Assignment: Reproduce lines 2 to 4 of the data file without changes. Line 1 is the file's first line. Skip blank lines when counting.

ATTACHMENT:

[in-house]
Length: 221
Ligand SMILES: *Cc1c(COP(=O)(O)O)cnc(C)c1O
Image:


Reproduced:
Length: 221
Ligand SMILES: *Cc1c(COP(=O)(O)O)cnc(C)c1O
Image: